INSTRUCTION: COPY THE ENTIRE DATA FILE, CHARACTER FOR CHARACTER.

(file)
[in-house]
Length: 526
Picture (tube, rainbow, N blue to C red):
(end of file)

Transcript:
[in-house]
Length: 526
Picture (tube, rainbow, N blue to C red):